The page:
We’ve covered some of the forgotten Christmas traditions, so it only seems right to look at some of the forgotten New Year traditions from the UK. Would you incorporate any of these into your New Year celebrations.

Drinking a hot pint

The Scottish are the masters of New Year, their Hogmany traditions bring people to the country every year but this is one tradition that has fallen to the way side. To celebrate the start of a new year, revellers would enjoy a hot pint – a concoction of beer, whisky, eggs, sugar and spices served warm in a flagon or kettle. At midnight, the flagon was passed around and everyone would have a dram of the hot pint before continuing the celebrations.

Something similar used to be popular in northern England too, especially in the Peak District area. They would serve a drink made of beer, eggs, spice, milk and currants called a posset. It was normally served hot, so naturally for the New Year, it would be served cold. The lady of the house would place their wedding ring in the drink and whoever found it would be married by the end of the coming year.

Sooty footprints

One way of seeing what the new year had in store for you was by spreading the ashes from the fire and seeing what direction the foot prints were facing. At the end of your New Year’s Eve celebrations, you would spread the remnants of the fire across the ground floor of your home and the following morning, the residents would look to see what direction the footprints were facing. If the prints were pointed to the door, it meant there would be a death in the family but if it pointed away, it meant that there would be a new baby born.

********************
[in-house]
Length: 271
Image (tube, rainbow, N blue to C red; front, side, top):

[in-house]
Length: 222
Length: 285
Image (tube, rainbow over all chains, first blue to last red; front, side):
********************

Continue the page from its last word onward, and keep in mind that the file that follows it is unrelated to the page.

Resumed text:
Eating God cakes

This one mainly took place in the English city of Coventry, but basically there was a tradition to make a sell a particular cake on New Year’s Day – they were known as God Cakes and were similar to a mince pie but were triangular.

Cake features a fair bit in forgotten New Year traditions, in Ireland there was a custom where the head of each household would take a freshly made cake and then throw it out the front door, supposedly to be well fed for the coming year.

Do you fancy bringing any of these traditions back?




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